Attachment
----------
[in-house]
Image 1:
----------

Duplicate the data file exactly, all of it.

[in-house]
Image 1: